HOLLANSBURG — A rural family on the outskirts of Hollansburg are crediting faith and the actions of volunteer firefighters for helping them get through the trying events of Memorial Day’s severe storm system.
As of Wednesday afternoon, the National Weather Service had declared ta system that passed through and caused numerous reports of massive damage in southeastern Darke County was an EF1 tornado.
One report of damage was a large barn, located just feet from a Hollansburg farmhouse. The barn was lifted off of its foundation and resulted in debris scattered throughout a field across the roadway.
“I am not saying those who believe in the Lord don’t get hit by these storms or don’t get hurt because we all suffer through these times together. But I do thank the Lord for protecting us and seeing us safely through the night,” said Rose Hays, who along with her husband and mother-in-law live in a farmhouse on Hollansburg-Richmond Road that was struck by what she describes as a possible tornado.
“We were sitting in the front of the house, after the first round of wind and rain, trying to figure out what we should do next. Everything had calmed down and looked kind of nice. We thought, well…I guess it was nothing and everything was going to be okay. But the alarm on our cell phone went off a second time and by that time it was too late — it had already hit us,” recounted Hays. “I ran to my mother-in-law’s room where all I could do was cover her up to protect her then I opened up a closet door and stepped in. There wasn’t any time to do anything else. Two or three seconds later the wind blew through the windows. All I could think was it was a tornado. I heard it go through. It sounded like a train or something. The whole house seemed like it was moving it was shaking so bad. The wind was just a loud roar, it was all I could hear. Then there was this loud boom, the loudest boom I had ever heard,” she said.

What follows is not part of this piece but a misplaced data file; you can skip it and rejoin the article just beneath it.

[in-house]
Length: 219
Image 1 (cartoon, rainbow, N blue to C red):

The boom was the sound of the large barn being torn from the foundation and having its debris scattered about.
“We were in a room at the corner of the house just 40 or 50 feet away from the barn. I can’t believe nothing came flying through the windows and hurt us, or worse, maybe killed us.”
“We didn’t even know what had happened yet. All I could think about was how we needed to get to the basement. I told my mother-in-law we needed to go now. I knew they said there was going to be more coming through,” Hays said. “I was kind of a chicken not wanting to come out of the basement for a while once we were down there. We stayed until the rescue people got here and we knew it was safe.”
The rescue people she is referring to were volunteer firefighters from the Hollansburg Fire Department responding to the call of a barn damaged in the storm. Hays said the firefighters not only cleared the debris from the roadway, but took extra time and made sure she and her family were safe.
“I couldn’t imagine these people coming out in the middle of a tornado and risking their own lives to help us,” Hays stated. “They have no idea how much it means to us. They don’t get enough credit for what they do. Just the assurance they were here made me feel safer.”
Hays said she and her husband spent some time after the storms passed through outside going over the events of the night. “It was after midnight and it was so calm and peaceful. There was no wind blowing, no leaves moving. You would have never guessed what had just taken place. The weather, asides from being a little stuffy was perfect. I think that’s when it settled in and I started to realize what had really happened.”
The National Weather Service was expected to be in the area over the next couple of days to conduct a damage survey and conclude damages from the storm is that from a tornado. Earlier Wednesday, the National Weather Service confirmed at least five tornados hit the Miami Valley and were associated with the same storm system that passed through Darke County. The results of the damage survey will be released as they become available.